The EU has issued tepid statements in response to the recent 11-day crisis in Palestine, ignoring the violence perpetrated by Israeli authorities. This post suggests that the EU’s silence is consistent with the positions of the Member States and the EU’s established policy but does not sit well with its alleged “values”.
The crisis in Palestine has sparked reactions across the globe. Some actors have energetically condemned Israel’s actions; before the 21 May ceasefire, the Tunisian foreign minister, e.g., “called on ending the savage Israeli aggression on the occupied Palestinian territories and the besieged Gaza Strip”. Others have sided with Israel; the US, in particular, stressed its “strong support for Israel’s right to defend itself”.
The European Union largely followed the US approach. The statements of EU leaders stigmatised the violence perpetrated by Hamas but not the abuses conducted, on a larger scale, by Israeli authorities (see below, section 1). The silence of EU institutions is unsurprising, since it is consistent with the priorities of its Member States (section 2), the EU’s established policy (section 3) and the pragmatic character of the EU’s external relations: the Union often preaches its “values” but seldom practices them (section 4).
On 4 March 2021, Italy decided to block a shipment of the Oxford/AstraZeneca Covid-19 vaccine that was destined for Australia. This remarkable move, notably made in response to AstraZeneca’s delay in providing the agreed doses of vaccines by the set deadlines, is the first of its kind since the Union introduced rules concerning the possibilities to limit exports of vaccines outside of the EU. Under the EU’s export scheme currently in place, companies are required to receive an explicit export authorization from national authorities where their Covid-19 jabs are produced before exporting them out of the EU. In turn, before adopting a decision on the matter, national authorities are obliged to send the draft measure to the European Commission, which may overturn the authorities’ decision.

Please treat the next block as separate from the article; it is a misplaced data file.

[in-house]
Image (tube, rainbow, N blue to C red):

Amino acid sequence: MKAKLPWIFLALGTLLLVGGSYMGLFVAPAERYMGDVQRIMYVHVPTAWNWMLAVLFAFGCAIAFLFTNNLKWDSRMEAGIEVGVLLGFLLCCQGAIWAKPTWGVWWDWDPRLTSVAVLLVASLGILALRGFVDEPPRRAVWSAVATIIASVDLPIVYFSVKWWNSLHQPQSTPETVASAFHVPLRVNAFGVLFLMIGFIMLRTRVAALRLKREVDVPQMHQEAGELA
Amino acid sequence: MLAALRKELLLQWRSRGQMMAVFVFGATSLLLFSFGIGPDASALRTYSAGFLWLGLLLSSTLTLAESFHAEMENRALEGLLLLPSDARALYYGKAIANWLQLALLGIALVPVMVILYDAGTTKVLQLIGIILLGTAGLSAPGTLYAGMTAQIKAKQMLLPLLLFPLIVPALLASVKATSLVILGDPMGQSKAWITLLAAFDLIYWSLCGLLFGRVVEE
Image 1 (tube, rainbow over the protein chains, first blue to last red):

On 16th July 2020, in its landmark judgment in Data Protection Commissioner v Facebook Ireland Limited, Maximillian Schrems (Case C- 311/18, Schrems II), the European Court of Justice (“ECJ”) invalidated the Commission Implementing Decision (EU) 2016/1250 on the adequacy of the protection provided by the EU-US Privacy Shield (“the Privacy Shield Decision”). As a result, thousands of companies can no longer rely on the Privacy Shield Decision as a legal basis for transferring personal data from the EU to the US. In its judgment, the ECJ also affirmed the validity of Standard Contractual Clauses (“SCCs”) as a data transfer mechanism for international data transfers, but with a few conditions: companies are required to assess the data importer’s ability to comply with the contractual arrangements embedded in SCCs and adduce «additional safeguards» where appropriate. The implications of the case are much wider than just the invalidation of the Privacy Shield Decision. The judgment has important implications on the other tools that compose the data transfer toolbox offered by the GDPR and has raised uncertainties on the future of international data transfer more broadly.
KNOCK ON WOOD. IL CONTENZIOSO UE/UCRAINA SUL DIVIETO DI ESPORTAZIONE DI LEGNAME TRA TUTELA AMBIENTALE E LIBERA CIRCOLAZIONE DELLE MERCI
Il 20 giugno 2019 l’Unione europea, constatata l’impossibilità di giungere a una soluzione mutuamente accettabile mediante la fase conciliativa già avviata il 15 gennaio 2019, ha attivato per la prima volta la fase contenziosa del sistema di soluzione delle controversie contemplato nell’Accordo di associazione con l’Ucraina e chiesto, quindi, la costituzione di un panel di esperti volto a verificare la compatibilità, con l’Accordo stesso, delle misure di restrizione all’esportazione di varie tipologie di legname non trattato adottate dalla controparte.